The Method to My Madness, or How to Write a Poem

 

For Billy Collins

 

When a poem starts, I start with I.

I follow I with a certain verb–

steady sureness like I know and I am,

abandon my perhapses,

leave breadcrumb maybes in my margins.

 

When a poem starts, the speaker finds me,

tries on my every word, losing lipstick to heavily starched syntax

cast off to the dressing room floor of my page.

She leans into the light until it flatters for me,

the best friend standing by, opinions clenched in fists.

 

I want to see what happens.

 

I quiet as the show begins and silence my phone.

Language takes the stage–adolescent, unruly

with packed pocketfuls of bribes for candy rhymes.

The I arrives and says this music has to die, then Tybalt

stabs the adverbs like Mark Twain told him to.

 

I keep my Descartes close because he tells me what I like:

People cannot tell the difference between the dream and the world,

so we can stop pretending in the distance between them–

and the distance between us.

 

A miniature Anne Sexton descends like Tinkerbell might.

I can see her wires but do not care.

I clap and amen because I believe.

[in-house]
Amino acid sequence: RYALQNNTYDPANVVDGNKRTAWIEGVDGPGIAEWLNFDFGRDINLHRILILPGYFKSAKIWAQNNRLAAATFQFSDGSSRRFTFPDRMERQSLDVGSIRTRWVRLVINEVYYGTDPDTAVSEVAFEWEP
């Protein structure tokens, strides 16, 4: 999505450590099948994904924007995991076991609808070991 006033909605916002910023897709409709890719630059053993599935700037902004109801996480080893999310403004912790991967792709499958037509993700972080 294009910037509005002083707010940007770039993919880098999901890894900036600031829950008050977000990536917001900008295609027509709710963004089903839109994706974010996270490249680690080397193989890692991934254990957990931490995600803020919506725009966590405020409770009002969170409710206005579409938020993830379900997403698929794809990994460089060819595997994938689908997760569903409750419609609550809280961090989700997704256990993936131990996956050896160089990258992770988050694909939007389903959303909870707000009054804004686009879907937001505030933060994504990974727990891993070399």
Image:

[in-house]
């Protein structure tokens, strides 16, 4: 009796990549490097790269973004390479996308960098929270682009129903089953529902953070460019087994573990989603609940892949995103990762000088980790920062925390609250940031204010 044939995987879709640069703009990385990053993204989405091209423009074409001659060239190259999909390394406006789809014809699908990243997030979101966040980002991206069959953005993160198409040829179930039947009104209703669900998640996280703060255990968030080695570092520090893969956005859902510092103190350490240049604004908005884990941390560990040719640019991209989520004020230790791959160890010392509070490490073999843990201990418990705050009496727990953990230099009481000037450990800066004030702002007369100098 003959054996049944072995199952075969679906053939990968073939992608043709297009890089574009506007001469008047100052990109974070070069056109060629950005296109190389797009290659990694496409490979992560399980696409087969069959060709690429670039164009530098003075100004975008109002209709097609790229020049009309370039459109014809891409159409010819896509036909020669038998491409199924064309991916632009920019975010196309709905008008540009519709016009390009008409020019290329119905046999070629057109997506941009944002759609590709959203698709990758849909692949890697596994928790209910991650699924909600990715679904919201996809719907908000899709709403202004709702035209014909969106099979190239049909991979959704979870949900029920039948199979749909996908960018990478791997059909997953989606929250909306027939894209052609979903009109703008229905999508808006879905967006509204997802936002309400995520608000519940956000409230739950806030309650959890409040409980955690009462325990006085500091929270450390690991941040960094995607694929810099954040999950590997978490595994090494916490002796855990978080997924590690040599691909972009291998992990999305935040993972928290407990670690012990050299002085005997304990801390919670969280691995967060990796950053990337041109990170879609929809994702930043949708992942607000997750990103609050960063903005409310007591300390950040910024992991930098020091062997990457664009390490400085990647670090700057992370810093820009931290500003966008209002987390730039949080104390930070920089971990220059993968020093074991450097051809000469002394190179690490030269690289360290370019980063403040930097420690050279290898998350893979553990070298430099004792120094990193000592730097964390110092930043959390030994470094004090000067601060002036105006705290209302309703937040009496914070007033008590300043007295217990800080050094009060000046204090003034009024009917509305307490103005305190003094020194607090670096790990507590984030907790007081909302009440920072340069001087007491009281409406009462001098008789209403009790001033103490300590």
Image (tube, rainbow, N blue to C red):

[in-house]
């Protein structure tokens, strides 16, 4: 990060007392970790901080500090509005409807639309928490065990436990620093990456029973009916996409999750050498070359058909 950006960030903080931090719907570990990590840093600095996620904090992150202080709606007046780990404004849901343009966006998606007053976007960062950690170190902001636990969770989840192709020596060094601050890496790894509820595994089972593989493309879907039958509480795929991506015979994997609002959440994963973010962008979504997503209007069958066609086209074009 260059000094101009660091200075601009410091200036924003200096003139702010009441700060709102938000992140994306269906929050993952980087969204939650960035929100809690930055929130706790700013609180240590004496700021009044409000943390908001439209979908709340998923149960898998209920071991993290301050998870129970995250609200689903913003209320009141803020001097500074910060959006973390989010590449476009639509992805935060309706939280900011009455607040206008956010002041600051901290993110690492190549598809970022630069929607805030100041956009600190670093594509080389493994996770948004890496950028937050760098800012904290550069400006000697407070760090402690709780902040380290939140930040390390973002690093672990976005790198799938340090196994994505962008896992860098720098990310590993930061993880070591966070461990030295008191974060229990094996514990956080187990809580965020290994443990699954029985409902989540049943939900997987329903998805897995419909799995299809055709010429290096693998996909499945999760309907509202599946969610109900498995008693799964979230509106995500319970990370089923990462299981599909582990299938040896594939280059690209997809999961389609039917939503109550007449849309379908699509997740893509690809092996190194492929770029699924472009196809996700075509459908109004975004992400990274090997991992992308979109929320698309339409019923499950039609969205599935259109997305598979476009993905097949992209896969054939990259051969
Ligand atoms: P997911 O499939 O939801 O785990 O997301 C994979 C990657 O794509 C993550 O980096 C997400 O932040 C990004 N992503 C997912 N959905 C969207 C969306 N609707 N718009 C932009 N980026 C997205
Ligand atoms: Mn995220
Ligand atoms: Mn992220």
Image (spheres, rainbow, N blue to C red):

A chorus boos my jokes as critics censor from too many front rows.

I hear them backed by half a dozen echoes of dying fathers.

These voices linger, ruthless, proud, like Lost Boys’.

 

Suddenly, I become everybody’s mother.

 

I threaten to turn the poem around so fast their heads spin.

The back seats quiet.

I remember I know all the lines.

 

Sylvia commiserates

then bakes us pies.

 

methodtomadness

April 2

An idiom is a phrase or a fixed expression that has a figurative, or sometimes literal, meaning. An idiom’s figurative meaning is different from the literal meaning. 

The meaning gets lost over time and what was once a new and interesting expression becomes “old hat.” 

You’ve heard them, “A penny for your thoughts, back to the drawing board, devil’s advocate, just to name a few.”

For today’s prompt, take a popular idiom ( or more than one if you can manage it), and recreate its meaning. Make it fresh again.

Share your idiom poem in the comments, and join us tomorrow for another! 

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